De la nada, el oficial del DHS cargó contra mí. Era caótico, no podía escuchar mucho, todos gritaban, estaba confundida. Estaba pensando “¿Por qué me está agarrando? No puedes llevarme”. Finalmente me esposó. Mis rodillas estaban ensangrentadas, me quebró dos uñas, tenía el brazo dolorido por haber sido retorcido. Estaba en estado de shock total. ¿Cómo pueden arrestarme por ejercer mi derecho?

8 de marzo al 19 de abril

Los 42 días en el Centro de Detención Eloy serán días que nunca olvidaré. Recibí ropa interior gastada, zapatos gastados y una bolsa con jabón, paquete de loción, pasta de dientes y cepillo de dientes. Comencé a notar que el centro de detención de Eloy era diferente de mis días anteriores, de una manera alarmante. Ni una sola vez pude ver al guardián de la prisión haciendo sus controles de rutina con nosotros, nunca tuve la oportunidad de hablar con él sobre mis preocupaciones. No tuve acceso al personal o supervisores de ICE para informarles de cualquier queja. No hubo formularios de solicitud de ICE, solo formularios para preguntar sobre su caso. Los formularios son la única forma en que uno puede expresar sus situaciones y documentarlas. Esto significaba que CoreCivic podía salirse con la suya de tratarnos de cualquier manera, ya que no había forma de responsabilizar a nadie.

Ya no había un proceso decente para ser visto por los proveedores de servicios de salud. Las personas se ven obligadas a levantarse y estar listas a más tardar a las 5 a.m. para ir a la “llamada por enfermedad” y programar una cita para ver a una enfermera. Mi compañera de cuarto había llegado al Centro de Eloy con dolor debido a una extracción de dientes que tenía antes de ser detenida. Se negaron a darle la misma medicina para el dolor, por lo tanto, comenzó a estreñirse. Recuerdo que mi compañera de cuarto estaba muy asustada. Desarrolló hemorroides y sangraba mucho por el recto. Un día, alrededor de las 4:30 pm, ella estaba llorando porque el dolor era insoportable. La interpreté para el oficial y el oficial le preguntó “si fue a la llamada de enfermedad por la mañana y si ha estado bebiendo agua”. Como mi compañera de habitación no fue a la llamada de enfermedad ese día, tuvo que esperar para irse la mañana siguiente. Ella lloró hasta que se durmió esa noche todavía dolorida. Esa no es una forma de tratar a las personas, no hay una humanidad tras las rejas. No hay respeto o dignidad allí para nosotros. Nuestros cuerpos no reciben el beneficio de la duda, son tratados como enemigos y amenazas.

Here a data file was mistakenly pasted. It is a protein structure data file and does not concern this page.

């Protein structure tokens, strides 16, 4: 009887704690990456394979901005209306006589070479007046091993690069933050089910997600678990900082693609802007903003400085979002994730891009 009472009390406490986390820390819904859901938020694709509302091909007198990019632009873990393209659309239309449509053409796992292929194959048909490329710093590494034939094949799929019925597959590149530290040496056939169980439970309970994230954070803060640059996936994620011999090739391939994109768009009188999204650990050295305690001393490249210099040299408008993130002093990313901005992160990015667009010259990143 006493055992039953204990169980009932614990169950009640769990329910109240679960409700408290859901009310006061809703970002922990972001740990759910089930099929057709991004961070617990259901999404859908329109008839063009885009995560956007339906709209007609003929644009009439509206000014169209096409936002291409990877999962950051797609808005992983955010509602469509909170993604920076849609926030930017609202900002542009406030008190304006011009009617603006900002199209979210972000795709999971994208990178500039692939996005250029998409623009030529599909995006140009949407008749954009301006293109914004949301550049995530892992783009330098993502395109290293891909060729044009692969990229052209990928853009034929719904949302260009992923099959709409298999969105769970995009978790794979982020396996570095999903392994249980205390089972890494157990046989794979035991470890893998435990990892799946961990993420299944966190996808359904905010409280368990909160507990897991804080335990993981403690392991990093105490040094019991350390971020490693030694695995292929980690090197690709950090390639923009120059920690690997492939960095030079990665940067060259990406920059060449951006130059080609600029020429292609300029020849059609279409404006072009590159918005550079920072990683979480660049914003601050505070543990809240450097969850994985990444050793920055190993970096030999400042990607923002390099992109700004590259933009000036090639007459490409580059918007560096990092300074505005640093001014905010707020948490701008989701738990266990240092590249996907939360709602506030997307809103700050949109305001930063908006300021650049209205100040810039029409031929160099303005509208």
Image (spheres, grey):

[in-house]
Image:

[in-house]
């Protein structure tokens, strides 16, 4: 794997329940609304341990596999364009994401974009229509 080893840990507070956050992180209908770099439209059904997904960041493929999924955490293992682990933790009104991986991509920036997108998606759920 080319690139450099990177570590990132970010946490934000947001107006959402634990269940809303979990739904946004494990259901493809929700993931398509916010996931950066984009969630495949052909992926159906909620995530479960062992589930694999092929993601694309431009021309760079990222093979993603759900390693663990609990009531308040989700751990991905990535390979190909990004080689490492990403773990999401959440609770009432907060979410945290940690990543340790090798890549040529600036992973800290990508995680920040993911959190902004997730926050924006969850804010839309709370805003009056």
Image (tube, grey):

Pero aclaremos una cosa: no hay enemigos allí. Hay madres y hermanas que han sobrevivido a la violencia doméstica, el abuso de drogas, la pobreza y mucho más. No hay amenazas allí, solo hay personas trabajadoras que buscan seguridad y prosperidad. El centro de detención con fines de lucro brinda condiciones alimentarias y de vida deficientes, no cuenta con programas educativos o de apoyo, y es un ambiente hostil para las personas que deberían estar con sus seres queridos. Y esta es la razón por la cual no me silenciarán, y seguiré luchando para abolir las detenciones y las cárceles, hasta que todos seamos libres.